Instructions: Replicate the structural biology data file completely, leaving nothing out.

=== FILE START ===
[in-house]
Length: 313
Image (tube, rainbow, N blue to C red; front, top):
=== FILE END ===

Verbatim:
[in-house]
Length: 313
Image (tube, rainbow, N blue to C red; front, top):